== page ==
Locking out of submarines is also taught. This is a very dangerous thing to do. At certain depths the pressure could kill him, if the cold,lack of oxygen, or dark doesn't get to him first. While the SAS would probably not be called upon to assault an oil rig or take down a ship, these are still practiced. When performing these operations, the men usually wear dry suits so that they don't come down with hypothermia. The point man in the group will normally carry the MP5 SD to take out any sentry who may be standing guard. Long rope type ladders (commonly referred to as Jacob's Ladders) are attached to a ship or oil rig using a telescopic pole. The assault team will then use the ladders to gain entry. Snipers are usually put on smaller boats near the target(usually smaller ships to hide among regular sea traffic), or they may be left in the boats to provide security, or they can even be flown in quickly via helicopter as the assault begins. Assaults like these will usually be carried out by members of the SBS.
Demolitions is also a big part of diving. The soldiers must be able to stop a ship or blow up a bridge. Navigations underwater is also taught. All navigation is done using a compass. Being lost underwater, in hostile territory is not a good day. The men also practice heliborne entry into the water. a helicopter some 50 feet above the water will go into the hover and the men will simply jump out . Parachute drops in the water are also very common. The soldiers have to seal their weapons to avoid them getting a jam. This is normally done with either a "dry bag" or using a condom to roll down over the barrel. This has proven to be an effective way of stopping the weapon from jamming.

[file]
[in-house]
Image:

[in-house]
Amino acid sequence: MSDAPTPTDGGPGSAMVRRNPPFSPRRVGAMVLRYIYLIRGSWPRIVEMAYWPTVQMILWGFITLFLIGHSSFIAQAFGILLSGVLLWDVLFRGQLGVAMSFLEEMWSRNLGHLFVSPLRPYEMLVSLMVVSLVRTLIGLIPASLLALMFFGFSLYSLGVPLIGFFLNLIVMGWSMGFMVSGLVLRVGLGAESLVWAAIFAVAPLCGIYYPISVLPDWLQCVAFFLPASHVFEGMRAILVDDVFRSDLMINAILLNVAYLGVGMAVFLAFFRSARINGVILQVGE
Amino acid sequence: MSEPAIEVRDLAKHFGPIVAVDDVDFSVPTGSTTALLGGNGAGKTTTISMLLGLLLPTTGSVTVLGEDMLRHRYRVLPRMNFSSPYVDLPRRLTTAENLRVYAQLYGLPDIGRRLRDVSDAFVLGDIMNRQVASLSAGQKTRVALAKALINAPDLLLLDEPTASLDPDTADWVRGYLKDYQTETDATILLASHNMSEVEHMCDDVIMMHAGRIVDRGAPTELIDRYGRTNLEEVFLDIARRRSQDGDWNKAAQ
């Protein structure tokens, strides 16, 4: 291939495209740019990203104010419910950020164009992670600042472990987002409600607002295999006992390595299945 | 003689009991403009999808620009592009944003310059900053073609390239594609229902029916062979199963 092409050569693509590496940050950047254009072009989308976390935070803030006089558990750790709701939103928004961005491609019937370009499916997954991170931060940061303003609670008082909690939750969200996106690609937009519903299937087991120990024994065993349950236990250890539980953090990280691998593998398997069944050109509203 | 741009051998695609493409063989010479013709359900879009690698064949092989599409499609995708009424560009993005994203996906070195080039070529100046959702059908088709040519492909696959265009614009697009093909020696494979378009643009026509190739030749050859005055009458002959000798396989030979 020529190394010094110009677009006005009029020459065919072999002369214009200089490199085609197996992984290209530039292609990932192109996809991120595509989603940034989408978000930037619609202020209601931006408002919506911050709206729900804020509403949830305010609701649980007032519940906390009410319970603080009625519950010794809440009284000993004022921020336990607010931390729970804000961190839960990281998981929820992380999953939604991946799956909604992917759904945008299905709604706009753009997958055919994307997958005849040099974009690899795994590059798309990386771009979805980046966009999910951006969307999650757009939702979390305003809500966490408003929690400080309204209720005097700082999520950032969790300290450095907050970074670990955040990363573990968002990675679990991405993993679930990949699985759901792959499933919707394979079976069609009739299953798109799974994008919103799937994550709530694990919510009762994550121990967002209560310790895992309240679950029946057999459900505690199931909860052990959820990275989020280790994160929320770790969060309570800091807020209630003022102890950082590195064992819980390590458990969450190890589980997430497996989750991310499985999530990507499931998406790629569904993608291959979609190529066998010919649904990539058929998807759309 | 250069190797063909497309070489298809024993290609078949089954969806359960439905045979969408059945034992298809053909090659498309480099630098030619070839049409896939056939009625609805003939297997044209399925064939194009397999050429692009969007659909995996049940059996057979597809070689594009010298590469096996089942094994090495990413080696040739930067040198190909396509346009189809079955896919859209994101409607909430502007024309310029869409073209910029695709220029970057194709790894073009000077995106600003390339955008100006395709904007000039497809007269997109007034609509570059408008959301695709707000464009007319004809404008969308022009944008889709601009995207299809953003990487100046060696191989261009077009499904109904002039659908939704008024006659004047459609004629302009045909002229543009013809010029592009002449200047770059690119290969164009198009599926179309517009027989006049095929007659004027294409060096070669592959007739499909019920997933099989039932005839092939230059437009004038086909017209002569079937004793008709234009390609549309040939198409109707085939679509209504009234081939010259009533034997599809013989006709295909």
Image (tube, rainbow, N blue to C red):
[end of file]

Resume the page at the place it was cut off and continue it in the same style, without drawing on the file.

When a new soldier is assigned to a Mobility Troop, they must master all the skills of an experienced mechanic. They must also learn how to fix a problem while under stress. A lot of Mobility Troop are ex-REME. Their are many types of vehicles in use by the SAS today. Probably the most well known is the "Pink Panther" or "Pinky", so called because the color of it is almost a pink color. These are modified Land Rover 110s. They can be armed with a mixture of weapons, such as the Browning .50 Machine gun, Mk-19 40mm grenade launcher, twin or single GPMGs, and the Milan Anti-Tank Weapon. Mobility Troop also has the Land Rover 90s. These are smaller versions of the 110, but lack weapon mounts. Also in limited use is the LSV, or Light Strike Vehicle. It is a two seat dune buggy with a mount for a .50 machine gun or Mk-19 40mm grenade launcher. Also available is the Honda 350cc Quad. It is small and can be held easily in a helicopter or small boat. Last but certainly not least is the Honda 250cc motorbike. It is quiet and can be used for forward reconnaissance. During Desert Storm, the motorbikes proved to be invaluable. One "outrider" was on a patrol with a few other bikes deep behind enemy lines. When they the Iraqis spotted the bikes they took off and the SAS went after them. The outriders pulled in front of the trucks and made them stop. When the rest of the soldiers enganged the trucks two outriders got caught in the cross fire. One died.